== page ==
Among the numerous reasons for divorce, alcoholism is a significant item on the list. Whether or not you can point to your spouse’s drinking problem as grounds for divorce depends, for one thing, on where you live. Here’s what people living in California need to know if they’re dealing with the already daunting process of divorce with the additional alcoholism thrown into the mix.
In some states, it is possible to have an at-fault divorce, while other states don’t allow it. California is among those states that don’t give estranged spouses the option to file for at-fault. Still, an ex-partner’s alcohol abuse will often play into any number of rulings related to their divorce. This includes, among other things, the custody of their children.
In most cases, alcoholism by itself isn’t grounds enough for annulments. However, there’s no shortage of ways for your life as a parent to be impacted when alcoholism is brought into the picture. Above all, a history of alcoholism is something that makes winning child custody an uphill battle.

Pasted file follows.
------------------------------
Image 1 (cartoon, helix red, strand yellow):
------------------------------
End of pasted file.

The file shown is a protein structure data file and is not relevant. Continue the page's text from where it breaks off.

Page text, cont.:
At-fault vs. no-fault
An at-fault divorce means that fault must be proven and shown through evidence in order for the ending of the marriage to be legally accepted. No-fault, on the other hand, only requires irreconcilable differences to be proven – essentially, that the two of you don’t get along with each other anymore.
Grounds for an at-fault divorce vary depending on the state you’re in, but some of the most common examples include:
- Incurable insanity
- Physical inability to have sex
- Confinement in prison
Divorces are never easy, but when they involve alcoholism, they’re all the harder. When you find yourself in such a situation, it’s incredibly helpful just to learn the basics of how the law views these matters so you can prepare yourself for the struggle to come.